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In Ellen Raskin's The Westing Game, while it is true that Turtle Wexler figured out all four of Sam Westing's identities, won the game, and later inherited $200 million, in reality all characters in the book are winners. All characters are winners because Mr. Westing's purpose in creating the game was twofold: (1) find the best heir of the Westing fortune possible, the one who will think strategically and keep secrets--traits that are necessary for protecting the fortune; and (2) help the other characters find their own identities; in helping the characters explore and find who they are as people, he gets the opportunity to observe who they are as people.
At the beginning of the novel, the characters do not feel secure with their identities. For example, Turtle is lonely because she feels she doesn't have a real mother since she feels unloved by her mother, Grace Wexler, and Turtle's sister Angela feels she must marry Dr. Denton Deere though she doesn't want to. We learn more about the characters' unhappiness when they are asked to list their "positions" on the their receipts indicating they had received their letters inviting them to the first reading of the will. Grace shows her unhappiness when she, as the narrator describes, "wrote housewife, crossed it out, wrote decorator, crossed it out, and wrote heiress"; and Madame Hoo exhibits her unhappiness by just marking the receipt with an X to be filled out by her husband (Ch. 5).
But, by the end of the novel, all of this unhappiness has changed. Turtle feels she has found a surrogate mother in Flora Baumbach, whom she calls Baba; Angela breaks off her engagement with Dr. Deere; Madame Hoo and her husband became very financially successful due to the sales of Hoo's Little Foot-Eze; and Grace Wexler is the new happy owner of the Hoo's old restaurant, now renamed Hoo's on First, among many other happy endings. Most importantly, Turtle, the winning heiress, gained even more than just an inheritance.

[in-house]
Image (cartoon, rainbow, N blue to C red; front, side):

Whereas once Turtle had hid her fears and anxieties behind her braid, by the very end of the story when Mr. Westing finally does truly die, she has gained a great deal of self-confidence and power. She is described by the narrator as having earned a "master's degree in business administration, an advanced degree in corporate law, [and] had served two years as legal counsel to the Westing Paper Products Corporation" (Ch. 30). We are further informed that she had "made one million dollars in the stock market, lost it all, then made five million more" (Ch. 30). In other words, she had blossomed into the type of heiress who truly could protect and even increase the Westing fortune.
Hence, while Turtle wins the game and the fortune, it can truly be said that all characters come out winners in the end--all what makes them truly happiest, what most matches their own identity.
Although there is no stated winner in the book, all the players of the Westing Game come out winners. The idea of the book is to target relationships, and in the course of the game the players are paired with people almost exactly opposite to themselves.
However, if a winner must be announced, I would say it is Turtle Wexler. She is the only player who discovers the true identity of the doorman, Sandy McSouthers. He is, in fact, Sam Westing and Barney Northrup and Julian Eastman.
The book ends with Turtle visiting the aging Sandy and with information given about other players who are still in touch with one another. Interesting friendships resulted as a result of this "experiment".
Turtle won "The Westing Game" and inherited the grand prize of $200,000,000.
Turtle is the winner of The Westing Game. She inherits the money $200,000,000.
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